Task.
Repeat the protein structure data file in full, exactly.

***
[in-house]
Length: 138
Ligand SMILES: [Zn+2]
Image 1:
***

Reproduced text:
[in-house]
Length: 138
Ligand SMILES: [Zn+2]
Image 1: